The term ‘personalisation’ is frequently thrown about whenever the topic of customer loyalty is raised. Companies are increasingly confronted with the consumer’s demand for a personalised experience. The result is that many have begun to include the concept into their customer retention strategies. Several stats reveal that more corporations are investing in personalisation to meet their customers’ expectations.
As personalisation continues to grow in relevance, it is important that companies understand what this concept entails. It is equally important that they avoid the pitfalls of the personalised experience. In this article, we explain exactly what those pitfalls are. We also offer some tips on personalisation that businesses should follow if they are looking to incorporate this into their marketing plans.
Just How Important is Personalisation?
Pretty important, it turns out. Research shows that today’s customer not only welcomes a personalised experience, they demand it. A recent Epsilon study concluded that 80% of consumers were more likely to purchase from brands that offered a personalised experience. Consumers crave a personal shopping experience so much that they are willing to divulge their behavioural data to organisations that can satisfy this craving.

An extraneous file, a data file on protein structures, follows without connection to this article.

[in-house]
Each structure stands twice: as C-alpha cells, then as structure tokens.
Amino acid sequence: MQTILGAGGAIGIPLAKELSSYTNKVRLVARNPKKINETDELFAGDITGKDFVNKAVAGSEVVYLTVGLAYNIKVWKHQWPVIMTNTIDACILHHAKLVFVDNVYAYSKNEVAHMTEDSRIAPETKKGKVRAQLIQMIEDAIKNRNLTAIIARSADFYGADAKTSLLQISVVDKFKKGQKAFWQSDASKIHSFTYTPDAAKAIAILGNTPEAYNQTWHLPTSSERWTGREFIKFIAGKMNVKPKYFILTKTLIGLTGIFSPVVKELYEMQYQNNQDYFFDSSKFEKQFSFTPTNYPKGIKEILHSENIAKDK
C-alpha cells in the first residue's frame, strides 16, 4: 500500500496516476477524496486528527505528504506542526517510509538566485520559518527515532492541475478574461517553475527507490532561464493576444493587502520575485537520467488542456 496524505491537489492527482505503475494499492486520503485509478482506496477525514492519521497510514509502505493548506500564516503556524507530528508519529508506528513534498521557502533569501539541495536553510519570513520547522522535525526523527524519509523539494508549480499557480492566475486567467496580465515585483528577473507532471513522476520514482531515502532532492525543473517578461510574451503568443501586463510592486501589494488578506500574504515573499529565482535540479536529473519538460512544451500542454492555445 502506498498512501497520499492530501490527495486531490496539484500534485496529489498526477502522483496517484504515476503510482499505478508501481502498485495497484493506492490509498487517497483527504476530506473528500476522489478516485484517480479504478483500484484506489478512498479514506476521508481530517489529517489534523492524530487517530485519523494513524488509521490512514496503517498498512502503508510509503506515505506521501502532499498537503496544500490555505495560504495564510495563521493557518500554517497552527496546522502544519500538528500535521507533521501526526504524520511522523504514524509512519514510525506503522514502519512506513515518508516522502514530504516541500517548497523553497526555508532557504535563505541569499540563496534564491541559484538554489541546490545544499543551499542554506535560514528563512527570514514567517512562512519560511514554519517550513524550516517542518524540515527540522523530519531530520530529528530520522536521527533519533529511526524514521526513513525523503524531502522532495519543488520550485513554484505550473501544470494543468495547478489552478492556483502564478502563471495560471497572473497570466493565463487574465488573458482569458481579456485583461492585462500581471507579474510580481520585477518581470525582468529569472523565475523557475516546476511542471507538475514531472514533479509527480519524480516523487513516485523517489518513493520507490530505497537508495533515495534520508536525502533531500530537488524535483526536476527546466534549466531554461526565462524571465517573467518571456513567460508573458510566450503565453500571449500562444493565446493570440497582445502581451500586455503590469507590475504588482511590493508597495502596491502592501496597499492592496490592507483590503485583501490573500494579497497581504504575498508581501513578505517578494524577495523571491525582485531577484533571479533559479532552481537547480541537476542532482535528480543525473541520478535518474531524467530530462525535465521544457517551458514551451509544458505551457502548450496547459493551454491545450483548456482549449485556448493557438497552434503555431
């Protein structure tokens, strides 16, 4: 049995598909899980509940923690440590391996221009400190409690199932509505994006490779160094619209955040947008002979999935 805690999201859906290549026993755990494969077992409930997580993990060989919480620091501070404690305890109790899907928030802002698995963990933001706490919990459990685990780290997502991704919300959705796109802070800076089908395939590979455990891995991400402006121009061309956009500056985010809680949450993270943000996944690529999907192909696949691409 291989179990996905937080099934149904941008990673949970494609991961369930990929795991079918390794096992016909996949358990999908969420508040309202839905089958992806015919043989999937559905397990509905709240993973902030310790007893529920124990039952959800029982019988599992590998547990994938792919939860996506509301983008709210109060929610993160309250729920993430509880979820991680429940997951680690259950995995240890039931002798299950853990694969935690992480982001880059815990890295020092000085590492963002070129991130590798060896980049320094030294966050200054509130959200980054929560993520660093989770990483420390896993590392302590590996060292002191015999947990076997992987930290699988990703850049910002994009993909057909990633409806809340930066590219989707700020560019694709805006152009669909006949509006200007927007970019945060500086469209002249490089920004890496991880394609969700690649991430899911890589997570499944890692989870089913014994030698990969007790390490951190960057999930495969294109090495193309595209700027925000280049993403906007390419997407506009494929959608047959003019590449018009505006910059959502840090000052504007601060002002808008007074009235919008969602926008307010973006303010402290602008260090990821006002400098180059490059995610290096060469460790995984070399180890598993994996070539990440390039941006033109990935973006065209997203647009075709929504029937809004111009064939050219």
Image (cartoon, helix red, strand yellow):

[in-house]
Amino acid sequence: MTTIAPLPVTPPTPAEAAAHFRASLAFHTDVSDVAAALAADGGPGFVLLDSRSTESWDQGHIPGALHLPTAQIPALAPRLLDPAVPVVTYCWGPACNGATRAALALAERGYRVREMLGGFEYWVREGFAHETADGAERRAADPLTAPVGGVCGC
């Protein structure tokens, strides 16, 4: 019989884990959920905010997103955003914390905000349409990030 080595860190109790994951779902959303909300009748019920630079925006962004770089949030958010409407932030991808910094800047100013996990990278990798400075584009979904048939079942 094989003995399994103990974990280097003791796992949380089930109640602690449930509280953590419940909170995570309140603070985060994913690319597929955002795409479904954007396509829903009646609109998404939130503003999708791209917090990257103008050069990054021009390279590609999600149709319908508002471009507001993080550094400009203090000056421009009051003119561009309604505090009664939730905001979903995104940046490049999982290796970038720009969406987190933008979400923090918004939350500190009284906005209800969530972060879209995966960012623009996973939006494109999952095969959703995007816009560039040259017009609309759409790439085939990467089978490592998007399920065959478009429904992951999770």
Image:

Companies are well aware of the consumer’s desire for personalisation and are doing the best to cater to it. More than 50% of marketers have indicated that personalisation is now their main priority. More than 75% of digital marketers are investing heavily in tools to help them give that personalised experience. Companies are increasingly seeking to offer tailored, personalised deals through their customer loyalty programs. All the evidence suggests that businesses are catering to the needs of the consumer.